For the IRP, the FOPH may also take into account medicines for which it has ordered a price reduction, but which has not yet become enforceable following an appeal against it. The FOPH links the conclusion of the review to the condition that the price must be reviewed again if the reduced price of the comparator product becomes enforceable. The FOPH's reassessment will then be limited to the reduced price of the comparator product.
In the case of medicinal products with several different indications, the FOPH limits the IRP to the main indication, which is determined on the basis of prevalence of the indication and the therapeutic line in which the drug is used. According to the case-law of the Swiss Federal Administrative Court, failure to take secondary indications into account may conflict with the legal obligation to conduct a comprehensive review of cost-effectiveness. Such a failure might be inadmissible, particularly in the case of different treatment lines.
For the review of combination products, the FOPH wants to consider not only equivalent mono-preparations, but also different combination products that can be considered a therapeutic alternative. With this change in practice, the review of combination preparations is no longer limited to mono-preparations with the same active ingredient, but also allows the consideration of therapy-equivalent combination products. The FOPH indicated that it will also take into account the costs of generics and biosimilars. The consideration of generic drugs contradicts the different pricing rules for innovative and generic drugs.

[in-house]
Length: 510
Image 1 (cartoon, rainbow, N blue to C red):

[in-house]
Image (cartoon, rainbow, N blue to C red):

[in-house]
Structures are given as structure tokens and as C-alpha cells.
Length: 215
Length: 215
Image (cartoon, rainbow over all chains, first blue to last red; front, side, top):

In principle, the IRP for patent-expired originator products is carried out with patent-expired originator products. If no comparison with patent-expired originator products is possible, the FOPH may exceptionally compare with patent-protected originator products, but must apply a discount of 20% to the FAP. This value is an approximation to determine the average price change at patent expiry and corresponds to the difference determined by the FOPH between the price before and after patent expiry.
External Reference Pricing (ERP)